Blake Percival, a longtime employee at USIS, was the original whistleblower that helped bring these allegations to light. Among the allegations, are claims that USIS created a special software program called “Blue Zone” to assist in dumping practices by sending cases to the government even when they had not undergone proper review. The company’s officials allegedly received close to $12 million in bonuses from the federal government, although USIS says it has replaced all officials implicated in the scheme.


In addition to alleging violations of the FCA, the United States’ complaint alleges USIS breached its contract with the Office of Personnel Management. This claim gives the United States a fallback in case it cannot prove the requisite scienter under the FCA.  However, breach of contract (like other common law claims) would only permit the United States to recover single damages plus interest, not the treble damages and civil penalties that are possible under the FCA. Common law claims can only be pursued by the United States; private citizen whistleblowers lack standing to bring such claims.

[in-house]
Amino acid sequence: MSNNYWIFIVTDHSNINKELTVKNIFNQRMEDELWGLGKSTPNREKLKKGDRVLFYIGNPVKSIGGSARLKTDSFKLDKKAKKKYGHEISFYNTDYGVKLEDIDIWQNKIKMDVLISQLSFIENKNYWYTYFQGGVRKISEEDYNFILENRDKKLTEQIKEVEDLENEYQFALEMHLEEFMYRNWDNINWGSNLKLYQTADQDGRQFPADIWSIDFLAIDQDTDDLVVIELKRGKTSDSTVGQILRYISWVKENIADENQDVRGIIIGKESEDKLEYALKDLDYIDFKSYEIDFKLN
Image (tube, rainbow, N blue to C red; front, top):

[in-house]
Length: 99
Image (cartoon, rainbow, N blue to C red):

We also wrote last year about the government’s parallel criminal investigation of USIS. There is still no further news on that front, but we will update you when there is.

BU Law Health Care Fraud Seminar Turns From Substance To Practice

The fifteen students enrolled in Bob Thomas’s Health Care Fraud and Abuse seminar at Boston University Law School have covered a lot of substantive ground this fall and are now looking forward to hearing a series of outside speakers who offer different perspectives on this dynamic area of the law.